November 28, 2018
From The Well…

Wednesday, November 28, 2018

 

 

Takubo says senators should get along

Senate Majority Leader designee Tom Takubo told Hoppy Kercheval yesterday morning members of the 2019 State Senate on both sides of the aisle—Democrat and Republican—should get along and provide leadership to the people of West Virginia.

 

Takubo, who has good relations with Democrats and Republicans, admitted the majority leader’s job will be time consuming and add to his already busy life as a pulmonary specialist physician. He said he brings to the legislative job management skills learned as a busy physician in a large practice.

 

“At the end of the day,” Takubo told Hoppy, “what’s right is right, and what’s wrong is wrong. Most of the time, Republicans and Democrats get along fine.”

 

Takubo replaces Ohio Sen. Ryan Ferns as majority leader. Ferns was defeated in the November general election. “Takubo has a good bedside manner, so to speak,” wrote one health care lobbyist. “He’s not nearly as abrasive as Ferns.”

 

“Tom,” writes another, “is well-liked by senators. He will do fine.”

 

Later, we’ll look at some of Takubo’s legislative endeavors and find out how people think he will handle the anti-vaxxer movement.

 

Food Establishment Rule moves forward

The Legislative Rule-Making Review Committee on Tuesday approved the Bureau for Public Health’s Food Establishments Rule  (64CSR17), which includes the 2013 Food Code.

 

The approval came after BPH reached an agreement with the West Virginia Hospitality and Travel Association to add language to the rule allowing permitted facilities 72 hours to correct a priority violation (formerly known as a critical violation), and 10 days to correct a foundation violation (formerly known as a non-critical violation.)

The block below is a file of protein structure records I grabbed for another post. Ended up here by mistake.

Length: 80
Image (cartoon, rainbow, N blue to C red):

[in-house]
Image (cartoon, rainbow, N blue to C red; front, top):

When the 2013 Food Code was written, with national stakeholder input from the hospitality industry, “critical violations” were changed to priority violations and priority foundation violations. Priority foundation violations are generally thought to be less critical.

 

Kanawha-Charleston Health Department and the Putnam County Health Department endorsed the rule when it was filed with the Secretary of State. Stanley Mills, RS, director of environmental services, noted that the provisions of the 2013 Food Code are more food-service-establishment friendly than previous food code versions.

 

After last-minute WVHTA opposition during the 2018 legislative session, BPH withdrew the 2018 version of the rule, which was practically identical to the rule initially filed for 2019 consideration.

 

The rule will be considered during the 2019 session.

 

Rule ties newborn testing fees to insurance reimbursement rates

LRMRC members approved 64CSR91, which removes the cap the BPH may charge to cover the cost of laboratory testing for screenings of newborns at the bureau’s Office of Laboratory Services.